PURPOSE: A free-living animal model with ready and repetitive access to selected regions of the large bowel and with minimally altered bowel anatomy and physiology would facilitate the in vivo study of luminal factors on the colonic mucosa in a steady-state environment This study describes a novel model of large-bowel intubation in the rat. METHOD: Four Sprague-Dawley rats (240-260 g) had laparotomy and intubation of the distal colon and the cecum via a cecotomy with the use of two small tubes with restraints and transmural anchors. The tubes were tunneled and anchored to the back for infusion of fluid directly into the colon. Tube positions were studied when the animals were killed Animals were fed on either a 10 percent fiber diet or a fiber- free diet. Stathmokinetic assessment of the distal colon was performed after one week of infusion with phosphate-buffered saline and sodium n-butyrate RESULTS. The technique produced an easy access without affecting the weight gain of the animals after recovery Tube positions were accurate after three weeks at the time the animals were killed. Infusions of phosphate-buffered saline and n-butyrate were well tolerated. n-Butyrate infusions twice daily for a week reversed the atrophy in the colonic mucosa induced by dietary fiber deprivation. CONCLUSION. An in vivo large-bowel intubation model permitting selective delivery of luminal factors provides an effective option for the study of colonic mucosal biology.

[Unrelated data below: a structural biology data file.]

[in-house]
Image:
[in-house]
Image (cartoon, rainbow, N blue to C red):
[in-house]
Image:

- Animal model
- Animal surgery
- Colonic epithelial proliferation
- Colonic intubation
- Sodium n-butyrate